Last edited by Brian Bushnell; 09-30-2014, 09:58 AM.

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  • ssully
    replied
    I installed BBmap on my Windows 7 machine (Java RE 1.7 is installed). But I can't seem to get dedup to read any of my input files. They're standard paired fastq files I named test1.f1 and test2.fq. I put them in the bbmaps directory.

    here's the command
    dedup.sh in1=testq1.fq in2-test2.fq out1=dedup1.fq out2=dedup2.fq ac=f

    here is the output:
    Code:
    java -Djava.library.path=/c/Users/Steven/bbmap/jni/ -ea -Xmx1310m -Xms1310m -cp /c/Users/Steven/bbmap/current/ jgi.Dedupe in1=test1.fq in2=test2.fq  out1=dd1.fq out2=dd2.fq ac=f
    
    Executing jgi.Dedupe [in1=test1.fq, in2=test2.fq, out1=dedup1.fq, out2=dedup2.fq, ac=f]
    
    Exception in thread "main" java.lang.RuntimeException: Unknown parameter in1=test1.fq
    
    at jgi.Dedupe.<init>(Dedupe.java:342)
    at jgi.Dedupe.main(Dedupe.java:56)
    using -in1=test1.fq etc, or in=test#.fq etc was no better.
    Last edited by ssully; 09-29-2014, 04:59 PM.

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  • ronton
    replied
    Originally posted by Brian Bushnell View Post
    other non-genomic sequences should be filtered out entirely, but I don't include a file containing those.
    I've seen this suggestion before; where to find or how to generate such a file?

    Leave a comment:


  • gab0
    replied
    Hi Brian

    Your suggestion worked as a charm, now I have my files without these control sequences and FastQC does not show any Kmer warning at all. I ran it exactly as you suggested, by using a fasta file with the whole length of the control sequences.

    Thanks for your help!!

    Leave a comment:


  • Brian Bushnell
    replied
    Originally posted by gab0 View Post
    Before posting for help, I tried BBDuk but as I didn't know that the control sequences were included in the package database, I gave a file with substrings of the control sequence. Also, when I tested it, I used trimming parameters (wrong move, d'ouh :P).
    The BBTools distribution only includes the trueseq adapter sequences, which should generally be right-trimmed (since they occur at the 5' tail of reads with insert size shorter than read length, but sequence prior to that should be valid); other non-genomic sequences should be filtered out entirely, but I don't include a file containing those.

    As for "k=80" in your command line... BBDuk has a max kmer length of 31. If you tell it to use a longer kmer length it will emulate this by requiring consecutive kmers; for example, k=80 would require 49 consecutive matching 31-mers, which in practice gives almost identical results to using true 80-mers but is not quite the same.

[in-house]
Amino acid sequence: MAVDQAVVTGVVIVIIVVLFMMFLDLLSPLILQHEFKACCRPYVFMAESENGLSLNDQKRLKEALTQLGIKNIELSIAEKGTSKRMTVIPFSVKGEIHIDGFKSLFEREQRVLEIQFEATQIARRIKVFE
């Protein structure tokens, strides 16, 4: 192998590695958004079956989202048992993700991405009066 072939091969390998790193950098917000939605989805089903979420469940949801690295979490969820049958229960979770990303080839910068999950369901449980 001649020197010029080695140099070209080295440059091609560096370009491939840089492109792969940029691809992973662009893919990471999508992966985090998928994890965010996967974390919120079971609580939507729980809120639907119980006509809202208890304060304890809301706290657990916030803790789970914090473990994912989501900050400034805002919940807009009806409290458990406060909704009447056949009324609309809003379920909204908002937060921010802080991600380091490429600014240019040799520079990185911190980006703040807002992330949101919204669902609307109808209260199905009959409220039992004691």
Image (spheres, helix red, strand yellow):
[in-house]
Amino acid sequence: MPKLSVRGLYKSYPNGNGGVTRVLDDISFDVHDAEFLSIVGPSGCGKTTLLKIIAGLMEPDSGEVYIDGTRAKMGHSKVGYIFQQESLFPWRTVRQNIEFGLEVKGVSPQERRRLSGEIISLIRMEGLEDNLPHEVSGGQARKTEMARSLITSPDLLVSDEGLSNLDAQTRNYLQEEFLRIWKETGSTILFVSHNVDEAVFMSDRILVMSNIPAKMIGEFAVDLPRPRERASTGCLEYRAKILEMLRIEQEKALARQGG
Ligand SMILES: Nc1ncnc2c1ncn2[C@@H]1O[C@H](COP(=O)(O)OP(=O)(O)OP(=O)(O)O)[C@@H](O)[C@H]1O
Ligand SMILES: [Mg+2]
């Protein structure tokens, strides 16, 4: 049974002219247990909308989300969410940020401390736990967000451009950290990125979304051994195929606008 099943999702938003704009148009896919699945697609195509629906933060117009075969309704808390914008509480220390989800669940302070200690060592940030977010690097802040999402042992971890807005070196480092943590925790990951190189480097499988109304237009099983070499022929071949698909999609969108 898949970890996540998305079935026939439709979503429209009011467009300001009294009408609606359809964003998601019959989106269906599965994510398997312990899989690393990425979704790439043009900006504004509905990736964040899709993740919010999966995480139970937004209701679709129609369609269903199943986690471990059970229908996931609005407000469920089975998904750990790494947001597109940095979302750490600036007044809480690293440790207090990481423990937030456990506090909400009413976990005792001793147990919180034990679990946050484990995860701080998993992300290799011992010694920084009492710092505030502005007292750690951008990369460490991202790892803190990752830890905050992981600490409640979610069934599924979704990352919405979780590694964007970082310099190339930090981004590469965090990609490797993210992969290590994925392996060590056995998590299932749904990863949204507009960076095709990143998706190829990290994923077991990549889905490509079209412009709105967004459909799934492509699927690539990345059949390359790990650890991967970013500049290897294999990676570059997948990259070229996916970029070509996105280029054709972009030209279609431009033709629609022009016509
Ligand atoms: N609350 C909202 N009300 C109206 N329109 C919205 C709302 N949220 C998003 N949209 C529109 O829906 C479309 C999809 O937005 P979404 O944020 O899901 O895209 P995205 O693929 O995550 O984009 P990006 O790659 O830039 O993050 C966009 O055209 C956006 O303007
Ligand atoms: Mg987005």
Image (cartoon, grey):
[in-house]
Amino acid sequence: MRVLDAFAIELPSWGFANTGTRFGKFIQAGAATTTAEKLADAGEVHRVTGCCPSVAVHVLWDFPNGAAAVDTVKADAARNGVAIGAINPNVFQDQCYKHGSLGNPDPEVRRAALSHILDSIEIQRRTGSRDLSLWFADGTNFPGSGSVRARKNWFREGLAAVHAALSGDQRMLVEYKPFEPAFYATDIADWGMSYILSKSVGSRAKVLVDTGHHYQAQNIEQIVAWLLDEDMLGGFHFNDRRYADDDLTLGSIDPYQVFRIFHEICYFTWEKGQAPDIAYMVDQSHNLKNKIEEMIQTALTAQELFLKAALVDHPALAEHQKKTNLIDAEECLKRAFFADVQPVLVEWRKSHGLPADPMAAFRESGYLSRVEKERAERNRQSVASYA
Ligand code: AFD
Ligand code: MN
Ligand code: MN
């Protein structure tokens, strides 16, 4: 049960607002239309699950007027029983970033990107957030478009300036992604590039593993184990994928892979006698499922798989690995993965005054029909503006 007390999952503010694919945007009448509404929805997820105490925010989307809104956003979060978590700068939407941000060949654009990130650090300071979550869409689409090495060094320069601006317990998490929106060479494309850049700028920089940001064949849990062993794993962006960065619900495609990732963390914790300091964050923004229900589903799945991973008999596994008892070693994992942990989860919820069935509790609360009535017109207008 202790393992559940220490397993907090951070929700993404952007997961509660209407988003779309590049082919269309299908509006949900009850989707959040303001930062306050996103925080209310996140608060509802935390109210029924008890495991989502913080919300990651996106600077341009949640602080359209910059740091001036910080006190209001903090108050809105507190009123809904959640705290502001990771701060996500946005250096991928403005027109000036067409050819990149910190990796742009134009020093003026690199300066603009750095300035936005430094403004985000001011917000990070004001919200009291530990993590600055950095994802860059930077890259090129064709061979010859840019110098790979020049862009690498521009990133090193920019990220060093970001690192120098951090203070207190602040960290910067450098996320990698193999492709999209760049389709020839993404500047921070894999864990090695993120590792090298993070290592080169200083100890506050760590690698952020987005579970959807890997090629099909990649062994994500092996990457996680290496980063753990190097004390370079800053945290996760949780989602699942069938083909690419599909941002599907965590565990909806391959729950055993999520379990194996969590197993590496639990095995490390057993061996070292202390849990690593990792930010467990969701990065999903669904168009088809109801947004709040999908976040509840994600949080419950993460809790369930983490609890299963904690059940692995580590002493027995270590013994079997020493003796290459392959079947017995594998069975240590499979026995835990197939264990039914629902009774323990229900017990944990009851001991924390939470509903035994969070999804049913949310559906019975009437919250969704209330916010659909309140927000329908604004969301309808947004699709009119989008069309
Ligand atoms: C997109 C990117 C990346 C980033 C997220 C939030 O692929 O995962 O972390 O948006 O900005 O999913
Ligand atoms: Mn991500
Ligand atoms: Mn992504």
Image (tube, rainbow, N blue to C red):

Most importantly, "k=N" will not filter sequences shorter than N bp. Since adapters and primers are generally shorter than 80 bp, it's not useful for removing those. The information content of a random 31bp sequence is 62 bits, and thus has a 1/4,611,686,018,427,387,904 chance of matching another random 31-mer. The reason I included the ability in BBDuk to handle k>31 is purely for homologous genes, low-complexity sequences, and highly-conserved sequences like ribosomes; the chances of a 31-mer from an artificial sequence accidentally matching a real organism is negligible. So, I recommend using k=31 or less when filtering/trimming synthetic compounds (typically, I use k=25 for adapter-trimming and k=27 for filtering, because some synthetic compounds are shorter than 31bp); I only use k>31 when trying to distinguish between different organisms.

    As for read length - since BBDuk operates on 31-mers (or less), it's best to include the entire sequence in the reference, no matter how long. As an aside, since you are using 101-bp reads, I advise you to trim the last 1bp before using them, as it will have a very high error rate (up to 7% in my tests). You can do this with BBDuk using the "ftr=99" flag (which means force-trim-right after 99bp, using 0-based coordinates, so only the last 1bp gets trimmed).
    Last edited by Brian Bushnell; 08-17-2014, 12:51 PM.

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  • gab0
    replied
    Originally posted by Brian Bushnell View Post